Saturday, January 30, 2010

Giving some control over ones destiny - now with darts!

I was playing through some old school goodness (testing my entry into the "Design a dungeon room contest"), and a player made a momentary err in judgement, their beloved character forced to have their fate depend on a single saving throw with slim chances of success.

Two things occurred to me.

1.) Although tense and exciting to watch the die roll, in this case the player (having had a tough week) felt out of control, no action or force of will could improve their chances (lets not get into the nitpicky and correct details about the choices leading to this moment).

2.) My games room is a GAMES room, and I like to try new mechanics..even I know they have no chance of practical and recurring use.

What did I come up with on the spur of the moment?

Throw the dart, get your randomized result from 1-20.

As I have this option available to me (having a dart board in the games room), I think I may utilize it in fun games on a "save or die" roll.

Why is this good?

Its fun to throw darts, and it gives a vastly increased sense of ownership of the role.

Why is this bad?

Assuming you don't have a player who is REALLY good at darts who gets constant 20's, there is also potential wrangling about wierd dart related situations..and if a 1 is rolled the player may have 2 additional darts in his hand already. Oh, that and you need a dart board set up.

How did this turn out?

The player took a solid 3 minutes aiming before the rest of forced his hand by shouting repeated warnings of the approaching glacier that is headed right for him. With a moment of silence he threw...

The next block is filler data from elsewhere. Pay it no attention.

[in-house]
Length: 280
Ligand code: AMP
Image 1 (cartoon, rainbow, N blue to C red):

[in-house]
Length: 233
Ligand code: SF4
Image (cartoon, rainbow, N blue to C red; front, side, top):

4 minutes later the character died as a side effect of being swarmed by monsters, but it was a blast at least this once.


  1. Yes that is great. I have considered this option for rpgs also. The drawback being that there are two pretty good dart players in my group.

  2. Nice! My g/f is in a weekly dart team. This might be the first step to converting her to being a true Gamer ;)

  3. Truly inspired! Esp. if your players offer to buy you drinks while practicing darts at the local pub.

    Re Save or Die. I was firmly against until I read (I think on Grognardia) this explanation. Saving throws were in deed "saves" from hopeless situations. Something only advertisers and "heroes" got. Not "save or die" rather "you're dead, but, do you want to roll to see if fates/gods/dumb luck helps you escape certain doom?"

    If played that way, save or die effects must not be arbitaryly applied. Should only occur after a player has already made a (poor) choice. Walking down corridor without checking for traps, attacking arch-mage without magical defense.